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Patrick Poulin describes a “silent movement of individuals who are doing mindful acts of increasing kindness in this world as a way to try to counteract the more public negative discourse.”

Patrick Poulin, executive director of the International Rescue Committee’s Salt Lake and Missoula offices, told me recently that he’s been protesting incivility and the deep rift cutting through American life. He finds tipping a useful and perhaps unexpected tool of what he jokingly calls “the resistance.”

Poulin is countering the rampant incivility running through so many recent American interactions by tipping a robust 25 percent when he encounters workers in service industries.

He likes to think he’s not alone, that there exists what he described to me as a “silent movement of individuals who are doing mindful acts of increasing kindness in this world as a way to try to counteract the more public negative discourse.”

I’ve seen others on a deliberate crusade to create bright moments. I know a 20-year-old who’s paying her own way through college, but sets aside a little from every paycheck to send a small bouquet of flowers to people she sees struggling with various things, from discouragement to money challenges. She doesn’t have enough to change their trajectory, she tells me, but she can let them know that someone thinks they’re special, that they are visible and cared for. She says she hopes that it matters and somehow lightens their load. And while the small amount of money she spends wouldn’t accomplish much if simply handed over, flowers are a gift of cheer and caring that are likely lacking in the recipient’s situation. If you’ve ever been gifted unexpectedly with flowers, you’ll understand her thinking.

A woman in my neighborhood painstakingly gathers the seeds from her cosmos and other annuals and places them a few dozen at a time in envelopes she tapes to her front picture window with a “take one” note. She uses the Next Door app to let the community know they’re available; you just have to show up and grab them. If you can’t get to her, but you want some, she’ll drop them by — simply because you asked. It doesn’t matter who you are.

Rudeness can start to feel natural if you don’t guard against it.

I have a mechanically talented friend who took it upon himself to fix a college student’s car after it broke down. They weren’t close friends, but he knew she was struggling and needed transportation, so while she was visiting family and pondering what to do, he used his excellent skills to clear a bit of rubble from her life. He often does that kind of thing.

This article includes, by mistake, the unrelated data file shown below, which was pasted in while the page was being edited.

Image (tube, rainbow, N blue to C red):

None of these folks are asking if their beneficiaries are like-minded. And while these kindnesses seem unlikely to build bridges with reach enough to span all the divides that appear to run through so many of our interactions, they could have surprising reach.

Rudeness can start to feel natural if you don’t guard against it. I’ve moved from being horrified by the lack of civility onto the low ground that I not long ago found so disturbing. I can snap and snipe with the best of them. And while I value kindness, it’s not a reflex. Incivility is a bit like swearing. If you’re around people who do it a lot and you don’t take care, it’s an easy habit to pick up. But kindness could be reflexive, too. We choose the muscles we develop.

5 comments on this story

Since my conversation with Patrick, I’ve been paying attention and trying to be more intentional in my response. If I think someone’s behaving badly or is what I’d consider wrong-headed or they simply make me mad, I am trying to take care not to send mean looks and thoughts their way. I am forcing myself — and sometimes it's a genuine chore — to instead wish them well, to send them off with a prayer they’ll be blessed in some way.

It’s not changing them. It’s changing me. That’s really where kindness begins.